It's tough not to cry along with Mandeep as he reveals how lonely he is in the powerful documentary short 'Mandeep,' an official Toronto Film Festival selection. The 23-year-old Vancouverite yearns for friends to hang out with, but his frequent involuntary outbursts of profanity and destruction tend to alienate those around him.

Mandeep suffers from severe Tourette Syndrome, an oft-misunderstood neurological condition characterized by tics – involuntary sudden movements and vocalizations. In Mandeep's case, he frequently shouts racial slurs, destroys things like computers and sinks, and burns himself with cigarettes.

Toronto-based photographer Darrin Klimek spent four days with Mandeep and captured a day in the life of the lonely young man in the moving 5-minute short. The doc was originally part of an awareness campaign for the Tourette Foundation of Canada, and marks Klimek's first foray into filmmaking. We caught up with him to learn more about Mandeep's story. [Ed. note: check back after September 19 to see the whole film; we'll be posting it after TIFF.]


'Mandeep' Trailer
-- Darrin Klimek, Vimeo

What struck you most personally about Mandeep?
His loneliness. He spends a lot of time alone. Going out is very difficult for him. He meets a lot of people. Initially those people will say yeah, let's hang out, let's be friends, but they find his condition just a bit too much to deal with on an ongoing basis. Most of those people will stop calling him or will end their relationship or friendship with him. It's tough.

Does he know other people with Tourette's who he hangs out with?
He does. His best friend has Tourette's, but he lives in Edmonton. So they don't get to hang out a lot. They talk on the phone all the time. He does go to Edmonton once in a while and his friend does come down to Vancouver but for Mandeep to go to Edmonton is a big deal. He'll either take the bus or a plane and it's a really tough trip for him because he is freaking out the whole time. When he's in an enclosed space with people he gets nervous and his tics get a lot worse. He finds it very stressful and people around him are very uncomfortable, and he knows that, so it's not easy for him to travel.

Did he go to public school?
He did. He's actually attending a community college right now, taking a visual arts program. The problem is he has this tic where he wants to hit things and destroy things and he's gone through about four computers in the time I've known him. He'll be working at his computer doing some kind of project for school and he'll destroy his laptop. So he can't finish and he falls behind, and obviously his teachers get frustrated. He has a hard time concentrating because he's always being interrupted by tics when he's doing something.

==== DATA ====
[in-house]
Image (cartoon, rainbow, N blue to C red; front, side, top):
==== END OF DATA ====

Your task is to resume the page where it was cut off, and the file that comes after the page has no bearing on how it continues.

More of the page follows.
I noticed he has some tattoos. How was he able to stay still long enough for that to happen?
I asked him that too, just because of all those cigarette burns as well. Apparently he had to go back quite a few times because the tattoo artist would tell him you've got too many fresh burns here, I can't work on these right now. The tattoo artist seemed like a nice, patient guy. He was this big burly biker guy -- the type of guy who could totally handle Mandeep and all of his tics and swearing and being grabbed and touched. I think he was patient enough to get that tattoo on there, little by little.

You mentioned that the original cut had interviews with family and friends. What types of things were they saying?
The interesting thing about the interview with his mom was that they're Indian, and she said that in her culture swearing is not permitted. So with Mandeep swearing all of the time, she has a really difficult time with it. Especially because it's the worst of the worst, like racial slurs, and it's difficult for that community to accept that he's got Tourette's. She was very emotional during the interview, you could tell that it's really taken its toll on her. She said it's difficult to live with this every day. Because he does scream a lot. He makes a lot of noise and he destroys things. He's always destroying taps and walls so I guess it's hard financially to replace a lot of things.

What are you hoping audiences will take away from the film?
What I hope is that people will have a little more tolerance for people with Tourette's and other disabilities that disturb the peace, so to speak. I think it would take the stress off people with Tourette's a lot if they knew that people understood what Tourette's was and why they were doing it.

'Mandeep' is screening as part of Short Cuts Canada -- Programme 4. See the TIFF website for more details.